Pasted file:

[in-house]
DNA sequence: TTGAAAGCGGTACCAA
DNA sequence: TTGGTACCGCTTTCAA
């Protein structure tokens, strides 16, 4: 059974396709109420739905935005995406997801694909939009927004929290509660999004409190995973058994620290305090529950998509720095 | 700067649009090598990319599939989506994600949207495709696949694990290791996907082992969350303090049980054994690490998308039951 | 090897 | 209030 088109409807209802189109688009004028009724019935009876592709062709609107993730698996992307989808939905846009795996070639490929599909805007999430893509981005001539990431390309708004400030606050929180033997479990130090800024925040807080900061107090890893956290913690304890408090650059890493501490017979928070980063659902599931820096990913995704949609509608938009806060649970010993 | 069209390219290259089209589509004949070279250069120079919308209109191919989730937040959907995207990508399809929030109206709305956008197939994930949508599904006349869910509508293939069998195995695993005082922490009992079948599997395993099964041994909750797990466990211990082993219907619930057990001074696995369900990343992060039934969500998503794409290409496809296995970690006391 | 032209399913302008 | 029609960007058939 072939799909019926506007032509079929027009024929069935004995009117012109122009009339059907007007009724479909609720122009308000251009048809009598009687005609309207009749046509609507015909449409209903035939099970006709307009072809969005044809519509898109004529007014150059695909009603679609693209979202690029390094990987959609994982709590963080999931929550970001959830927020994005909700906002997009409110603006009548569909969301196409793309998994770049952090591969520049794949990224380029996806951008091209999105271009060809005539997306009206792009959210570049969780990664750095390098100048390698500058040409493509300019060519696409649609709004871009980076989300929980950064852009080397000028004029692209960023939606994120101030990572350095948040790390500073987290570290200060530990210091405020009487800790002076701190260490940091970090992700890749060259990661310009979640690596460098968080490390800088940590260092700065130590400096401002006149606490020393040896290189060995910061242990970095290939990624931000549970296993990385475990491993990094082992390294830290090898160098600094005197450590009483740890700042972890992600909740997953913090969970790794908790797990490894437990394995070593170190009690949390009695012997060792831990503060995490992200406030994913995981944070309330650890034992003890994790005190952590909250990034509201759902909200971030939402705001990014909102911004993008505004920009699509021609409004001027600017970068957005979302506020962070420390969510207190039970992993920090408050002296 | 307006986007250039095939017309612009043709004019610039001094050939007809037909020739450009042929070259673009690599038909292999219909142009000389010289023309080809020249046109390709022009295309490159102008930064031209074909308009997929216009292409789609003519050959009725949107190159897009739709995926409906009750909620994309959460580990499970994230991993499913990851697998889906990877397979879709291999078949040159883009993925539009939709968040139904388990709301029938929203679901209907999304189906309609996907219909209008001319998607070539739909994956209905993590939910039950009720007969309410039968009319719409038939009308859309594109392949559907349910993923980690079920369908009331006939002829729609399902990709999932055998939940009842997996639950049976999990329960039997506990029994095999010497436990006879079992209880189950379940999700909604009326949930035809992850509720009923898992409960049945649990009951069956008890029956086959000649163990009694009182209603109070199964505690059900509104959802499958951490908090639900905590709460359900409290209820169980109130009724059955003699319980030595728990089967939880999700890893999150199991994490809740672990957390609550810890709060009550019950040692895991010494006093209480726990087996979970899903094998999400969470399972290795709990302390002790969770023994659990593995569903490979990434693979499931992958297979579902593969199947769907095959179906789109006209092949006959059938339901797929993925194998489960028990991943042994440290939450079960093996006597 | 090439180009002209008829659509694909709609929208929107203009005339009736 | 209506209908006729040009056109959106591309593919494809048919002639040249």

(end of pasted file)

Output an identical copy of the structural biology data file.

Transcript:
[in-house]
DNA sequence: TTGAAAGCGGTACCAA
DNA sequence: TTGGTACCGCTTTCAA
């Protein structure tokens, strides 16, 4: 059974396709109420739905935005995406997801694909939009927004929290509660999004409190995973058994620290305090529950998509720095 | 700067649009090598990319599939989506994600949207495709696949694990290791996907082992969350303090049980054994690490998308039951 | 090897 | 209030 088109409807209802189109688009004028009724019935009876592709062709609107993730698996992307989808939905846009795996070639490929599909805007999430893509981005001539990431390309708004400030606050929180033997479990130090800024925040807080900061107090890893956290913690304890408090650059890493501490017979928070980063659902599931820096990913995704949609509608938009806060649970010993 | 069209390219290259089209589509004949070279250069120079919308209109191919989730937040959907995207990508399809929030109206709305956008197939994930949508599904006349869910509508293939069998195995695993005082922490009992079948599997395993099964041994909750797990466990211990082993219907619930057990001074696995369900990343992060039934969500998503794409290409496809296995970690006391 | 032209399913302008 | 029609960007058939 072939799909019926506007032509079929027009024929069935004995009117012109122009009339059907007007009724479909609720122009308000251009048809009598009687005609309207009749046509609507015909449409209903035939099970006709307009072809969005044809519509898109004529007014150059695909009603679609693209979202690029390094990987959609994982709590963080999931929550970001959830927020994005909700906002997009409110603006009548569909969301196409793309998994770049952090591969520049794949990224380029996806951008091209999105271009060809005539997306009206792009959210570049969780990664750095390098100048390698500058040409493509300019060519696409649609709004871009980076989300929980950064852009080397000028004029692209960023939606994120101030990572350095948040790390500073987290570290200060530990210091405020009487800790002076701190260490940091970090992700890749060259990661310009979640690596460098968080490390800088940590260092700065130590400096401002006149606490020393040896290189060995910061242990970095290939990624931000549970296993990385475990491993990094082992390294830290090898160098600094005197450590009483740890700042972890992600909740997953913090969970790794908790797990490894437990394995070593170190009690949390009695012997060792831990503060995490992200406030994913995981944070309330650890034992003890994790005190952590909250990034509201759902909200971030939402705001990014909102911004993008505004920009699509021609409004001027600017970068957005979302506020962070420390969510207190039970992993920090408050002296 | 307006986007250039095939017309612009043709004019610039001094050939007809037909020739450009042929070259673009690599038909292999219909142009000389010289023309080809020249046109390709022009295309490159102008930064031209074909308009997929216009292409789609003519050959009725949107190159897009739709995926409906009750909620994309959460580990499970994230991993499913990851697998889906990877397979879709291999078949040159883009993925539009939709968040139904388990709301029938929203679901209907999304189906309609996907219909209008001319998607070539739909994956209905993590939910039950009720007969309410039968009319719409038939009308859309594109392949559907349910993923980690079920369908009331006939002829729609399902990709999932055998939940009842997996639950049976999990329960039997506990029994095999010497436990006879079992209880189950379940999700909604009326949930035809992850509720009923898992409960049945649990009951069956008890029956086959000649163990009694009182209603109070199964505690059900509104959802499958951490908090639900905590709460359900409290209820169980109130009724059955003699319980030595728990089967939880999700890893999150199991994490809740672990957390609550810890709060009550019950040692895991010494006093209480726990087996979970899903094998999400969470399972290795709990302390002790969770023994659990593995569903490979990434693979499931992958297979579902593969199947769907095959179906789109006209092949006959059938339901797929993925194998489960028990991943042994440290939450079960093996006597 | 090439180009002209008829659509694909709609929208929107203009005339009736 | 209506209908006729040009056109959106591309593919494809048919002639040249």